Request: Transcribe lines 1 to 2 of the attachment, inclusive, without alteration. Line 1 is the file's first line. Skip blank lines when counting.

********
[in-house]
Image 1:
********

[in-house]
Image 1: